Senate Fails to Address Pesticide Ruling

Permitting rule goes into effect on Nov. 1.

Published on: Nov 1, 2011

The U.S. Senate failed to act to address an Oct. 31 deadline regarding the implementation of the Environmental Protection Agency's pesticide permitting rule. In March the House passed H.R. 872, which would have ensured that businesses are not subject to a costly and duplicative pesticide permitting requirement.

Under proposed draft legislation, approximately 365,000 pesticide applicators will need permits to cover about 5.6 million applications per year. EPA estimates the permit will cost states, local entities and pesticide applicators $50 million and require one million hours to implement per year. Under the Clean Water Act, unlawful discharges are subject to $37,500 per day in fines.  

A statement from Sen. Pat Roberts, R-Kan., said the requirement, set to take effect November 1, 2011, is of particular concern for public health officials who are now restricted in their ability to control mosquitoes, and the spread of diseases like the West Nile virus. It is also a significant issue for agriculture.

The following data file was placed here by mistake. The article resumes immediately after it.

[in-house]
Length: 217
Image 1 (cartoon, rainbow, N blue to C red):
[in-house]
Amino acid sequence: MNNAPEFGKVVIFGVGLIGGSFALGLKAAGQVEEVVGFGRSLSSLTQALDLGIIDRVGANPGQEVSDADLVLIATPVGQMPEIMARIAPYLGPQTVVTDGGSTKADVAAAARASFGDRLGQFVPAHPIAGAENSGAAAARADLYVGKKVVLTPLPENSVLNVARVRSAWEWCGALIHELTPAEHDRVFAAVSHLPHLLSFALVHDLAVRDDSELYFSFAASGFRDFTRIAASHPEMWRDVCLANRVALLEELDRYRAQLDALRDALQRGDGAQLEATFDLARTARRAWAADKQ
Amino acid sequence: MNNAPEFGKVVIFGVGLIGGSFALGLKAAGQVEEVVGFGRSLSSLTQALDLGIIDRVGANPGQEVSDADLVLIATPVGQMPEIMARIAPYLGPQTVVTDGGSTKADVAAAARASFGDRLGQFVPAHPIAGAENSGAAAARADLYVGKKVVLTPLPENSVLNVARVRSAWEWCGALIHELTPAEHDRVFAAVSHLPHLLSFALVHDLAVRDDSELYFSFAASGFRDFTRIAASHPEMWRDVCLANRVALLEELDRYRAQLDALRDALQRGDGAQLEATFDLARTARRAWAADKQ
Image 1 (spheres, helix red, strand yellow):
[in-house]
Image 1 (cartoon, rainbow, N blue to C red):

"The best way to eliminate uncertainty regarding pesticide applications is for the Senate to pass the bipartisan H.R. 872, which eliminates red tape, redundant permitting and burdensome costs," said Roberts, who is also the ranking member on the Senate Agriculture Committee. "Attempts to use a moratorium to leverage a controversial and overly broad study that threatens agriculture production will only increase confusion facing our farmers, ranchers and state and local health agencies. It simply kicks the can down the road and creates controversy where there is existing bipartisan agreement. I cannot support this approach when a real solution, H.R. 872, is at hand and will solve the problem permanently."

House Agriculture Committee chairman Frank Lucas, R-Okla., criticized the Senate for not acting earlier on the issue. "There are no winners today. Because this is a duplicative permit, there will be no additional environmental gains. The farmers, ranchers, and business owners who will be burdened with additional costs and paperwork from this duplicative permit will have less time and money to invest in jobs."

Source: Feedstuffs